We are enduring a world of massive uncertainty, which is not at all the same thing as a world of massive risk. We tend to use the terms “risk” and “uncertainty” interchangeably, and that may be okay for colloquial conversation. But it’s not okay for smart decision-making, whether the field is foreign policy or investment, because the process of rational decision-making under conditions of risk is very different from the process of rational decision-making under conditions of uncertainty. The concept of optimization is meaningful and precise in a world of risk; much less so in a world of uncertainty.That’s because optimization is, by definition, an effort to maximize utility given a set of potential outcomes with known (or at least estimable) probability distributions. Optimization works whether you have a narrow range of probabilities or a wide range. But if you have no idea of the shape of underlying probabilities, it doesn’t work at all. As a result, applying portfolio management, risk management, or asset allocation techniques developed as exercises in optimization – and that includes virtually every piece of analytical software on the market today – may be sub-optimal or downright dangerous in an uncertain market. That danger also includes virtually every quantitatively trained human analyst!
All of these tools and techniques and people will still generate a risk-based “answer” even in the most uncertain of times because they are constructed and trained on the assumption that probability estimations and long-standing historical correlations have a lot of meaning regardless of circumstances. It’s not their fault, and their math isn’t wrong. They just haven’t been programmed to step back and evaluate whether their finely honed abilities are the right tool for the environment we’re in today.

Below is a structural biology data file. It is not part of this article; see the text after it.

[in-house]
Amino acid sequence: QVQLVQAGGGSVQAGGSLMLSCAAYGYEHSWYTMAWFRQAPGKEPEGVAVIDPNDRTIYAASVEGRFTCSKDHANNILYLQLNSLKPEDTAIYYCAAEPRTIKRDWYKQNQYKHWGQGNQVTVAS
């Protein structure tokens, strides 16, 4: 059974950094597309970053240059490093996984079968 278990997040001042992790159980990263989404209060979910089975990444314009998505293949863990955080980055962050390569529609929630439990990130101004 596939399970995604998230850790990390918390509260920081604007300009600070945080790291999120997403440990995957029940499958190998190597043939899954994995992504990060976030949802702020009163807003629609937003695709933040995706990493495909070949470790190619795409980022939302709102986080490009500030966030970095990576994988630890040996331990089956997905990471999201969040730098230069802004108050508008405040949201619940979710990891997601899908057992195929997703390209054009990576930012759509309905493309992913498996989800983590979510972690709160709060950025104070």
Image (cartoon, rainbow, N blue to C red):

My point is not to crawl under a rock and abandon any attempt to optimize a portfolio or an allocation…for most professional investors or allocators this is professional suicide. My point is that investment decisions designed to optimize – regardless of whether the target of that optimization is an exposure, a portfolio, or an allocation – should incorporate a more agnostic and adaptive perspective in an uncertain market. We should be far less confident in our subjective assignment of probabilities to future states of the world, with far broader margins of error in those subjective evaluations than we would use in more “normal” times. Fortunately, there are decision-making strategies designed explicitly to incorporate this sort of perspective, to treat probabilities in an entirely different manner than that embedded in mainstream economic theory. One in particular – Minimax Regret – eliminates the need to assign any probability distribution whatsoever to potential outcomes.
Minimax Regret, developed in 1951 by Leonard “Jimmie” Savage, is a cornerstone of what we now refer to as behavioral economics. Savage played a critical role, albeit behind the scenes, in the work of three immortals of modern social science. He was John von Neumann’s right-hand man during World War II, a close colleague of Milton Friedman’s (the second half of the Friedman-Savage utility function), and the person who introduced Paul Samuelson to the concept of random walks and stochastic processes in finance (via Louis Bachelier) … not too shabby! Savage died in 1971 at the age of 53, so he’s not nearly as well-known as he should be, but his Foundations of Statistics remains a seminal work for anyone interested in decision-making in general and Bayesian inference in particular.